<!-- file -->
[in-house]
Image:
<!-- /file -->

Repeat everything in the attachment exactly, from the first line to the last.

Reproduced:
[in-house]
Image: